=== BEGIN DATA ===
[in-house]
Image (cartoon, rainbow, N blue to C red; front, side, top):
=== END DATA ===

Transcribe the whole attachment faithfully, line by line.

[in-house]
Image (cartoon, rainbow, N blue to C red; front, side, top):